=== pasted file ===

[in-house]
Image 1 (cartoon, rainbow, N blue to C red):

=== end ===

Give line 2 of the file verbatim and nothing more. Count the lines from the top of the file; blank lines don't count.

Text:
Image 1 (cartoon, rainbow, N blue to C red):